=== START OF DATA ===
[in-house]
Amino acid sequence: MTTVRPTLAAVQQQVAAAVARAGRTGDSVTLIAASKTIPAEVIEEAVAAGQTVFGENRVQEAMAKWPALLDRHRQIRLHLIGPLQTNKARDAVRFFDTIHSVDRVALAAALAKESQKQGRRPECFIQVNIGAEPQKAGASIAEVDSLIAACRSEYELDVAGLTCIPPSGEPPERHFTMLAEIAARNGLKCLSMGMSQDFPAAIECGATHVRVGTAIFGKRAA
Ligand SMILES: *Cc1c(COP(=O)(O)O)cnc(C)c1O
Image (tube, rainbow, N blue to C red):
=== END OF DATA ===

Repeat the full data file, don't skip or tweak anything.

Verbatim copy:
[in-house]
Amino acid sequence: MTTVRPTLAAVQQQVAAAVARAGRTGDSVTLIAASKTIPAEVIEEAVAAGQTVFGENRVQEAMAKWPALLDRHRQIRLHLIGPLQTNKARDAVRFFDTIHSVDRVALAAALAKESQKQGRRPECFIQVNIGAEPQKAGASIAEVDSLIAACRSEYELDVAGLTCIPPSGEPPERHFTMLAEIAARNGLKCLSMGMSQDFPAAIECGATHVRVGTAIFGKRAA
Ligand SMILES: *Cc1c(COP(=O)(O)O)cnc(C)c1O
Image (tube, rainbow, N blue to C red):